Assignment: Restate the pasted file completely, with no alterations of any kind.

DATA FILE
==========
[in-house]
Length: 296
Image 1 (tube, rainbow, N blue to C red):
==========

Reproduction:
[in-house]
Length: 296
Image 1 (tube, rainbow, N blue to C red):